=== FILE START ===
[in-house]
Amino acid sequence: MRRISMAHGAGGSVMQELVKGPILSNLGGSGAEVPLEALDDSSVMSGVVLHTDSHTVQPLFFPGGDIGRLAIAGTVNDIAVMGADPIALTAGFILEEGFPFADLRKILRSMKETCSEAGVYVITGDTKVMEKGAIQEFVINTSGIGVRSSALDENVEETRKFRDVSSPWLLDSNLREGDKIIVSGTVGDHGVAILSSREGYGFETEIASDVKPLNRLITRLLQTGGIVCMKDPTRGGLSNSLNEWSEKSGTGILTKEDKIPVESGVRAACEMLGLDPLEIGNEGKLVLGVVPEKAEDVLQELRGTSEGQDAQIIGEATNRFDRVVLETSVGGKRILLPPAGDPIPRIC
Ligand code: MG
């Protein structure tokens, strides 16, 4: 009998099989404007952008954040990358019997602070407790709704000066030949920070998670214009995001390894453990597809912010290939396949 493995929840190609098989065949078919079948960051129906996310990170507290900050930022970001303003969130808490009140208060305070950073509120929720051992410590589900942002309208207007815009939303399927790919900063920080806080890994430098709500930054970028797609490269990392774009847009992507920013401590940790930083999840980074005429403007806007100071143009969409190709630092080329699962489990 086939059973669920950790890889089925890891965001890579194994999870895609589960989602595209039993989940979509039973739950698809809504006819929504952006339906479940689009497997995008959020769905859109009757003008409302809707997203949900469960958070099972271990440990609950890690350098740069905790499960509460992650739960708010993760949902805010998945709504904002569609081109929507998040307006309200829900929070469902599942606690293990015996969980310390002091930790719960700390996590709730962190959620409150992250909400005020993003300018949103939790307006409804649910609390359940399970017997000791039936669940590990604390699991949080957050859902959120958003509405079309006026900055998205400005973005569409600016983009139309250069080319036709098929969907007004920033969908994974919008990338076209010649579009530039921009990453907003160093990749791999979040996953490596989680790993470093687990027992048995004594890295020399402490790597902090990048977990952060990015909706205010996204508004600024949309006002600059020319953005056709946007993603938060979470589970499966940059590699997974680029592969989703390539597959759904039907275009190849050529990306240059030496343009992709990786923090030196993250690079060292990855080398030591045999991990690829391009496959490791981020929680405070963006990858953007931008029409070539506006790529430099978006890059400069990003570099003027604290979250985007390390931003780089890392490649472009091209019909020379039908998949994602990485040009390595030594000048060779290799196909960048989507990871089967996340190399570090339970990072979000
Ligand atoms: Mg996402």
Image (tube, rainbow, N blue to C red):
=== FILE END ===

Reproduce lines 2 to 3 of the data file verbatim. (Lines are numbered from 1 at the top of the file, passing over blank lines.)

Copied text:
Amino acid sequence: MRRISMAHGAGGSVMQELVKGPILSNLGGSGAEVPLEALDDSSVMSGVVLHTDSHTVQPLFFPGGDIGRLAIAGTVNDIAVMGADPIALTAGFILEEGFPFADLRKILRSMKETCSEAGVYVITGDTKVMEKGAIQEFVINTSGIGVRSSALDENVEETRKFRDVSSPWLLDSNLREGDKIIVSGTVGDHGVAILSSREGYGFETEIASDVKPLNRLITRLLQTGGIVCMKDPTRGGLSNSLNEWSEKSGTGILTKEDKIPVESGVRAACEMLGLDPLEIGNEGKLVLGVVPEKAEDVLQELRGTSEGQDAQIIGEATNRFDRVVLETSVGGKRILLPPAGDPIPRIC
Ligand code: MG